Macroeconomics 17.6% 22.9% 17.4% 15.3% 26.9% Jun 12
  • This year’s AP Macroeconomics students fell just slightly behind 2018’s all-time high performance, but still achieved a higher percentage of 3,4,5s than students from 2010-2017.
  • So far: 64  students, out of ~145,000 worldwide, have earned all 90/90 points possible on this year’s exam.
  • As has frequently been the case, students scored lowest on multiple-choice questions about the “financial sector,” but scored well on “economic measurements,” “national income determination,“ and “economic growth.”For AP Macroeconomics, I’ll report on the two versions of the exam taken by large numbers of students: first the “Set 1” questions ( then the “Set 2” questions (
  • “Set 1” results: students demonstrated steady performance across all 3 questions, with about 25% of students earning the two highest points possible on each question.
  • “Set 2” results: students scored very high on Q3 (production of food / capital goods) but many really struggled with Q2 (US dollar vs Euro).
  • Overall, the Set 2 questions proved to be slightly easier than the Set 1 questions, so to ensure the standards are the same regardless of which version a student takes, students who had the Set 2 questions must earn 2 more points on the 90-point scale to earn an AP 3+.
Microeconomics 22.2% 28.4% 17.8% 12.4% 19.2% Jun 12
  • This year’s AP Microeconomics scores break the record for highest-ever scores in this subject. An astonishing half of them achieved 4s and 5s this year. Impressive work, AP Micro teachers and students!
  • Out of ~66,000  students worldwide, 35 so far this year have earned all 90/90 points possible on this year’s exam.
  • Students scored exceptionally well on multiple-choice questions about “production and costs,” and struggled somewhat on questions about “firm behavior and mkt structure.”
  • I’ll report on the two versions of the exam taken by large numbers of students: first the “Set 1” questions ( then the “Set 2” questions (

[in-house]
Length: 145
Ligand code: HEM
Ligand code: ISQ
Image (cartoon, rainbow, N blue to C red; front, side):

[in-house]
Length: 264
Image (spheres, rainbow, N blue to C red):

• “Set 1” results: student performance on Q1 (monopoly) and Q3 (oligopoly/game theory) was solid; many found Q2 (consumer theory) very challenging; it was the most difficult aspect of this year’s exam.
  • “Set 2” results: students scored very high on Q3 (profit maximizing; 32% of students earned 6/6 pts on it), and also had solid performance on Q1 and Q2 (supply/demand).
  • Overall, the Set 2 questions proved to be slightly easier than the Set 1 questions, so statistical analysis determined that students who had the Set 2 questions must earn 3 more points on the 90-point scale to earn an AP 3+.
Music Theory
Physics 1 - Algebra Based 6.2% 17.8% 20.6% 29.3% 26.1% Jun 13
  • Overall, this year’s AP Physics 1 students demonstrated significantly stronger understanding and skills than prior groups; accordingly, there’s a significant increase in the percentage of students earning 3s, 4s, and 5s, the highest scores yet on this exam.
  • 3 students, out of ~170,000 worldwide, earned all 80/80 points on this year’s AP Physics 1 exam.
  • Multiple-choice: no significant variation in performance across topics and skills; “wave models and applications” had slightly higher scores than questions on the other big ideas; “interactions between systems” had slightly lower.
  • Free-response: students scored best on Q1 (kinematics, collisions, angular momentum), but also scored quite well on Q3 (experimental design, energy).
  • Performance: the biggest barrier to higher performance remains Q4, which requires students to write a paragraph explaining a physics concept. 20,000 students earned high scores on this question; 40,000 didn’t even attempt it, scoring 0/7 pts.
  • Students need more support developing and practicing the conceptual understanding of physics required for scores of 3+; to help we’re providing a free AP Physics 1 workbook, student and teacher editions available on our website for AP teachers to download from mid-July.
  • The new AP Physics 1 workbook contains 150 new & unique scenarios, for all units in the course, for use as classwork, homework, group assignments or quizzes. Also, from Aug 1, we’re providing free online practice students can access on their phones for every topic in the class.